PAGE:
Reason foreigners cannot own ground floor: Naïveté

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Visitors evinced keen interest in new developments at the Cambodia Real Estate Show.

Foreigners in Cambodia are barred from owning the ground floor of any building in the Kingdom of Wonder.

I finally found out the origins of the prohibition early this month when I attended one of 16 presentations at the Cambodia Real Estate Show, a well organized two-day event that attracted numerous potential developers along with buyers of luxury apartments and buildings.  (Hey, you can take the broker out of real estate, but you can’t take real estate. . .)

It was not until 1989 and then in 2001 that government decrees defined the possession and subsequently, in 2001, full ownership rights of residential property.

Like most other countries in the region, Cambodia does not want foreigners to own a piece of the nation, no matter how small, as codified in Article 8 of the Land Law.

According to presenter Matthew Rendall — a lawyer who holds a Cambodian passport and is managing partner at SokSiphana & Associates in Phnom Penh — the stricture resulted from Continue reading

Fight-dance group with unpronounceable name dazzles

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If like me you never have heard of Abadá-Capoeira, which is Brazilian martial arts, you are missing something special.  On a whim, I was lucky enough to catch a free performance featuring half a dozen of its athletes at the French Institute last weekend, and the event was enthralling.

While the activity clearly is a sport, it is one more like a performance absent any contact, except by mistake.  Abadá-Capoeira manages to combine the thrusts that remind me of jiu jitsu with the grace of dance.

With a name that I have no clue how to pronounce, the activity has its origins in Continue reading

Moral dilemma inescapable if investing in microfinance

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An ATM owned by Prasac Microfinance Institution in use at a branch in Cambodia’s Kampong Speu province.  Source: Phnom Penh Post

Imagine that you could earn 4.75% interest for a term deposit of only one month.  Might you prefer a one-year term?  That would get you 9.75% per annum, and shorter or longer terms also are available at commensurate rates.

Do those rates sound too good to be true?  They are not.

With such returns offered by Prasac, one of Cambodia’s leading microfinance institutions (MFIs), the wise investor can Continue reading

An expat’s perspective on health care and immigration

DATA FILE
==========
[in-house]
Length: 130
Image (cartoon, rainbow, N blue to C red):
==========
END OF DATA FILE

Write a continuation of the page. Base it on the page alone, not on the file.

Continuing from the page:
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BNH, the hospital in central Bangkok where I have received annual check-ups.

Technically, I am not an immigrant, though I make my home in Cambodia.  I have only a mailing address in the United States.

What I am is a retired expat whose year-to-year visa allows him to reside in Phnom Penh, where my savings go far indeed.  It is a good life, but it is one without a citizen’s rights (such as they are in Cambodia) and without dependable medical care.

Fortunately, I am an expat in excellent health now into his 70s.  Should I develop problems, the quality of my medical care here generally is suspect and its cost would be prohibitive for anything serious.

You see, I am uninsured outside the United States.  Even if coverage were obtainable from a reputable firm at my age Continue reading

Well yes, Q-tips are available in Cambodia, but. . .

thumb_IMG_0951_1024There’s a barber shop — okay hair salon — that is a 10-minute walk from my apartment.

A few months ago, I upgraded from my customary one, which closed and used to cost me $3, including tip, about once a month.

An acquaintance recommended Tokyo Barber Shop because he so enjoyed the shampoo and accompanying brief head, neck and shoulder massage.  After indulging myself in the process there and shelling out $7, including tips for the shampoo and haircut, I became a convert.

What you have to know is Continue reading

Longtime observer pessimistic about Cambodia reform

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To paraphrase the old Esquire magazine, why is Hun Sen laughing?  (Source: Phnom Penh Post)

“This is no country for decent and outspoken men.”

So begins Sebastian Strangio’s crystalline analysis of Cambodia’s political environment in the highly respected Mekong Review.  The one-and-a-half-year-old quarterly journal has given me permission to excerpt a substantial portion of the author’s astute perspective on the chasm between what might be desirable in the Kingdom of Wonder and what might be achievable.

Strangio — whose recent book on Cambodia under the 31-year rule of Prime Minister Hun Sen has received terrific reviews — draws a line between what ought to be the situation in the country versus what actually is the possibility of change.

You can read the full essay in the publication, and I suspect the excerpts below will peak your interest.
Continue reading

Bangkok building takes architecture to new heights

Meandering around central Bangkok recently, I kept seeing from different angles a startling building nearing completion.  It arrested me from every point of view, and it is as memorable to me as the Gehry-designed Guggenheim Museum in Bilbao, Spain.

I looked up the nearly completed skyscraper online, and dezeen architecture and design magazine provided me with background that I have shamelessly extracted here in part.

At 314 meters, or 1,030 feet, the MahaNakhon tower was intended to be Continue reading